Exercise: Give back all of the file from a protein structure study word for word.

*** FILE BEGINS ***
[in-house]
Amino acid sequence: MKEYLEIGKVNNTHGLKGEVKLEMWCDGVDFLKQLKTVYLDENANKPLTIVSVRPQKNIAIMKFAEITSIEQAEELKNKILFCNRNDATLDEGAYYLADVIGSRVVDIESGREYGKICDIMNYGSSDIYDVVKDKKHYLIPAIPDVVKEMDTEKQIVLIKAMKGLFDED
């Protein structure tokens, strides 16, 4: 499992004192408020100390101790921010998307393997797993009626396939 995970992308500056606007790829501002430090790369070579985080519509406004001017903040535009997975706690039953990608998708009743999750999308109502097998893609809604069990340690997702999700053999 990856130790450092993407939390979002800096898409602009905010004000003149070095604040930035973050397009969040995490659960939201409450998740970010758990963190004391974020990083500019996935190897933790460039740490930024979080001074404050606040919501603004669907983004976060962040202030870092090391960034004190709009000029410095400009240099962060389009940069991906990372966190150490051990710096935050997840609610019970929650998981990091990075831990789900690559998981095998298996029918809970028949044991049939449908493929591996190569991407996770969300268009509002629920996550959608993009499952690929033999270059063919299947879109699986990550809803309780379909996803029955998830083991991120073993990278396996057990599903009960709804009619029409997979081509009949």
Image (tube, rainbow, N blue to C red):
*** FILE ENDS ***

[in-house]
Amino acid sequence: MKEYLEIGKVNNTHGLKGEVKLEMWCDGVDFLKQLKTVYLDENANKPLTIVSVRPQKNIAIMKFAEITSIEQAEELKNKILFCNRNDATLDEGAYYLADVIGSRVVDIESGREYGKICDIMNYGSSDIYDVVKDKKHYLIPAIPDVVKEMDTEKQIVLIKAMKGLFDED
């Protein structure tokens, strides 16, 4: 499992004192408020100390101790921010998307393997797993009626396939 995970992308500056606007790829501002430090790369070579985080519509406004001017903040535009997975706690039953990608998708009743999750999308109502097998893609809604069990340690997702999700053999 990856130790450092993407939390979002800096898409602009905010004000003149070095604040930035973050397009969040995490659960939201409450998740970010758990963190004391974020990083500019996935190897933790460039740490930024979080001074404050606040919501603004669907983004976060962040202030870092090391960034004190709009000029410095400009240099962060389009940069991906990372966190150490051990710096935050997840609610019970929650998981990091990075831990789900690559998981095998298996029918809970028949044991049939449908493929591996190569991407996770969300268009509002629920996550959608993009499952690929033999270059063919299947879109699986990550809803309780379909996803029955998830083991991120073993990278396996057990599903009960709804009619029409997979081509009949």
Image (tube, rainbow, N blue to C red):